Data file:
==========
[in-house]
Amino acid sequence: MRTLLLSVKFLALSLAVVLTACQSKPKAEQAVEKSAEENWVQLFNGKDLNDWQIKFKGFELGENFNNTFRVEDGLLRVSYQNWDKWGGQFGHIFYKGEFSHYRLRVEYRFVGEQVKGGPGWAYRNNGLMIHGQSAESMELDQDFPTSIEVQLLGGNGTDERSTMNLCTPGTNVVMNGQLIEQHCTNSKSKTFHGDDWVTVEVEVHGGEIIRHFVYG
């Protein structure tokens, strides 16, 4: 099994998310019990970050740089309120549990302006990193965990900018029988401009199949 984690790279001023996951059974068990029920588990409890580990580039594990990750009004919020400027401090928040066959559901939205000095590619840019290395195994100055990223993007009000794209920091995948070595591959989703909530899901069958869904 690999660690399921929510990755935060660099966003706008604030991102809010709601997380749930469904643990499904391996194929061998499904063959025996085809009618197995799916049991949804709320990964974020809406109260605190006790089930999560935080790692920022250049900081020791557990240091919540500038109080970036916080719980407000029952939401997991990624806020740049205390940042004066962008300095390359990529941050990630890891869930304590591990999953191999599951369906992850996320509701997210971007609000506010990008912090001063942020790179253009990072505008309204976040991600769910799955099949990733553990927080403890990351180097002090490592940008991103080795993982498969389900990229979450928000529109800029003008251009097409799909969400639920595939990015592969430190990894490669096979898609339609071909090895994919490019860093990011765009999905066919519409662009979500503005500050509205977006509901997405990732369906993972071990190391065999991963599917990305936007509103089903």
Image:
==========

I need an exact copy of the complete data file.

[in-house]
Amino acid sequence: MRTLLLSVKFLALSLAVVLTACQSKPKAEQAVEKSAEENWVQLFNGKDLNDWQIKFKGFELGENFNNTFRVEDGLLRVSYQNWDKWGGQFGHIFYKGEFSHYRLRVEYRFVGEQVKGGPGWAYRNNGLMIHGQSAESMELDQDFPTSIEVQLLGGNGTDERSTMNLCTPGTNVVMNGQLIEQHCTNSKSKTFHGDDWVTVEVEVHGGEIIRHFVYG
């Protein structure tokens, strides 16, 4: 099994998310019990970050740089309120549990302006990193965990900018029988401009199949 984690790279001023996951059974068990029920588990409890580990580039594990990750009004919020400027401090928040066959559901939205000095590619840019290395195994100055990223993007009000794209920091995948070595591959989703909530899901069958869904 690999660690399921929510990755935060660099966003706008604030991102809010709601997380749930469904643990499904391996194929061998499904063959025996085809009618197995799916049991949804709320990964974020809406109260605190006790089930999560935080790692920022250049900081020791557990240091919540500038109080970036916080719980407000029952939401997991990624806020740049205390940042004066962008300095390359990529941050990630890891869930304590591990999953191999599951369906992850996320509701997210971007609000506010990008912090001063942020790179253009990072505008309204976040991600769910799955099949990733553990927080403890990351180097002090490592940008991103080795993982498969389900990229979450928000529109800029003008251009097409799909969400639920595939990015592969430190990894490669096979898609339609071909090895994919490019860093990011765009999905066919519409662009979500503005500050509205977006509901997405990732369906993972071990190391065999991963599917990305936007509103089903």
Image: